Prime CES pools have experienced far lower losses than have subprime ones, although, like in every other RMBS sector, 2006 and 2007 vintage delinquencies and losses have been increasing. On average, Moody’s expects 2005 vintage prime CES pools to lose about 6% of their original balance, 2006 vintage pools to lose about 13%, and 2007 vintage pools to lose about 17%.

The performance of recent vintages of home equity line of credit (HELOC) pools has also weakened significantly. Moody’s projects that pool losses on 2005 vintage HELOC transactions will average about 9%, while 2006 vintage transactions will on average lose around 24% and 2007 vintage around 26%.

PerpetualDiscounts were off a bit today, with reasonable volume but a much higher than usual number of big blocks. The average YTW is 6.13%, equivalent to 8.58% interest at the standard conversion factor of 1.4x. Given that long corporates yield about 6.18%, this represents a spread of 240bp; still quite high by historical standards.

Note that these indices are experimental; the absolute and relative daily values are expected to change in the final version. In this version, index values are based at 1,000.0 on 2006-6-30
Index Mean Current Yield (at bid) Mean YTW Mean Average Trading Value Mean Mod Dur (YTW) Issues Day’s Perf. Index Value
Ratchet N/A N/A N/A N/A 0 N/A N/A
Fixed-Floater 4.59% 4.37% 57,583 16.43 7 +0.2953% 1,114.7
Floater 4.06% 4.10% 43,131 17.15 3 +0.0031% 909.7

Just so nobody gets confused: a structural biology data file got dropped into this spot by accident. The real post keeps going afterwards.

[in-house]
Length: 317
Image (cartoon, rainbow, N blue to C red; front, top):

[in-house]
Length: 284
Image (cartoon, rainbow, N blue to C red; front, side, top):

Op. Retract 4.96% 3.85% 111,064 2.61 17 +0.0625% 1,054.8
Split-Share 5.36% 5.92% 54,780 4.42 14 +0.0097% 1,040.4
Interest Bearing 6.25% 6.62% 45,625 5.26 2 +0.7662% 1,129.2
Perpetual-Premium 6.14% 5.92% 64,885 2.22 1 +0.2362% 995.9
Perpetual-Discount 6.07% 6.13% 191,823 13.71 70 -0.1534% 877.1
Major Price Changes
Issue Index Change Notes
MFC.PR.C PerpetualDiscount -3.0211% Now with a pre-tax bid-YTW of 5.86% based on a bid of 19.26 and a limitMaturity.
BAM.PR.N PerpetualDiscount -1.6471% Now with a pre-tax bid-YTW of 7.26% based on a bid of 16.72 and a limitMaturity.
BMO.PR.H PerpetualDiscount -1.1786% Now with a pre-tax bid-YTW of 6.11% based on a bid of 21.80 and a limitMaturity.
PWF.PR.J OpRet -1.0728% Now with a pre-tax bid-YTW of 4.06% based on a bid of 25.82 and a softMaturity 2013-7-30 at 25.00.
BMO.PR.K PerpetualDiscount -1.0698% Now with a pre-tax bid-YTW of 6.22% based on a bid of 21.27 and a limitMaturity.
IGM.PR.A OpRet +1.3204% Now with a pre-tax bid-YTW of 3.08% based on a bid of 26.45 and a call 2009-7-30 at 26.00.
BSD.PR.A InterestBearing +1.6771% Asset coverage of just under 1.6:1 as of August 22, according to Brookfield Funds. Now with a pre-tax bid-YTW of 6.86% based on a bid of 9.55 and a hardMaturity 2015-3-31 at 10.00. Went ex-Dividend today, but nobody noticed.